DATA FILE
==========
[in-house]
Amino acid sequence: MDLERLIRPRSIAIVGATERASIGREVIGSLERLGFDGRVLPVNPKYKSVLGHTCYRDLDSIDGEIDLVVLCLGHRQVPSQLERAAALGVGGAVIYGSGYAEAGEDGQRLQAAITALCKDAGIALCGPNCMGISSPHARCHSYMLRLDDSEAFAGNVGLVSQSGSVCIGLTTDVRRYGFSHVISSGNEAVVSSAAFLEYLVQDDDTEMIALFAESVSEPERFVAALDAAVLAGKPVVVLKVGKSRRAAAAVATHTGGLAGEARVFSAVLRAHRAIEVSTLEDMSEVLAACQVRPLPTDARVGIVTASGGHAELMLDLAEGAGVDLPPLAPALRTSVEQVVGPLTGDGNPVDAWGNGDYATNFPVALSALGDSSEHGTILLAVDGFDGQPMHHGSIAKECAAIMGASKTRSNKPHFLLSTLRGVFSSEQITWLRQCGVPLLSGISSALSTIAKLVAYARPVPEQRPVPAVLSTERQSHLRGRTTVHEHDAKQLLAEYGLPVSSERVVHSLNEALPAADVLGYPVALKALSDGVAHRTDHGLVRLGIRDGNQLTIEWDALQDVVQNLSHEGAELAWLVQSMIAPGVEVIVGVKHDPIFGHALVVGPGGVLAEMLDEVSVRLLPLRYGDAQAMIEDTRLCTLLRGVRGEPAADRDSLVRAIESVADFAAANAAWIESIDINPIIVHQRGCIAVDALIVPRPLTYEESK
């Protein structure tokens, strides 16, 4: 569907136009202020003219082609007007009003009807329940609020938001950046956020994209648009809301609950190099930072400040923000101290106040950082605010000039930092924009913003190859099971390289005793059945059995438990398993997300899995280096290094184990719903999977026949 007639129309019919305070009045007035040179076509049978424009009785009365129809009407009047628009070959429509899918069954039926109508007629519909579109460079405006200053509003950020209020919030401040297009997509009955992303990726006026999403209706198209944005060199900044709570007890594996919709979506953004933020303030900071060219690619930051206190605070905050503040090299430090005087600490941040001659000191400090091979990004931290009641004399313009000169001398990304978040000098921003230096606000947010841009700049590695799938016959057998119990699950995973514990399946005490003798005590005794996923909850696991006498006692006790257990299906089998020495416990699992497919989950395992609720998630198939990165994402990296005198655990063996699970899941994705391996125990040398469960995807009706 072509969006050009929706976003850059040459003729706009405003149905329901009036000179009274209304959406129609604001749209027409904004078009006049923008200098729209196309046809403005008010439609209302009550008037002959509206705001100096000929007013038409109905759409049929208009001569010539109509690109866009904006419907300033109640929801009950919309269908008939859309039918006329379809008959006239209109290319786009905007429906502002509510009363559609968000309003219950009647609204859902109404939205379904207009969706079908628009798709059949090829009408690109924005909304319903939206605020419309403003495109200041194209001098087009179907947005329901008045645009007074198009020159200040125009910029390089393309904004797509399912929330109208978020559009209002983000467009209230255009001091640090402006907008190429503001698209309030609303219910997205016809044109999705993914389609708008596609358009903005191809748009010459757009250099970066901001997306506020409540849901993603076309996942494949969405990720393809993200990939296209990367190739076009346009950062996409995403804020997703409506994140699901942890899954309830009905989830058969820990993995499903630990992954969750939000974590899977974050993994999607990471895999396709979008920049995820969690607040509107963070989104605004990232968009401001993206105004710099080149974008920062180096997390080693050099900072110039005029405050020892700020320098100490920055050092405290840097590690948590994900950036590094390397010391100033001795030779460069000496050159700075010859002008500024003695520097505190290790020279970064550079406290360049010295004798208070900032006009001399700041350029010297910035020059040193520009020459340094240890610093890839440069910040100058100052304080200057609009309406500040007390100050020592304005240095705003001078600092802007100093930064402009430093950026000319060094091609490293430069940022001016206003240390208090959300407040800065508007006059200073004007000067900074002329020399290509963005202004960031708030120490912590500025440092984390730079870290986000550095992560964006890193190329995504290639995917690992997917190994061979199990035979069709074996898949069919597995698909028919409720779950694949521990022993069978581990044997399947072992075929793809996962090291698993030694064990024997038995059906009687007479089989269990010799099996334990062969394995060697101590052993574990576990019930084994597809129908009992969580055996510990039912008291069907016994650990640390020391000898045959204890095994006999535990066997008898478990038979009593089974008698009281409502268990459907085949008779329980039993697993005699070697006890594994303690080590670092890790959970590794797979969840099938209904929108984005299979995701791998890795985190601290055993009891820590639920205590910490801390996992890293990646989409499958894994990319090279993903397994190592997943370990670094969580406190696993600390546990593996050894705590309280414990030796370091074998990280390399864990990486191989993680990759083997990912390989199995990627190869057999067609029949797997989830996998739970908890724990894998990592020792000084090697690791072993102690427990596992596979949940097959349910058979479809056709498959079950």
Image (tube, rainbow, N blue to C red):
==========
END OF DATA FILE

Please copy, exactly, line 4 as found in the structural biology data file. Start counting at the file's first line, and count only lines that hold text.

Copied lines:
Image (tube, rainbow, N blue to C red):